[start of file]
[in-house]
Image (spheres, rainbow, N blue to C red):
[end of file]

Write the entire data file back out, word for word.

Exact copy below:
[in-house]
Image (spheres, rainbow, N blue to C red):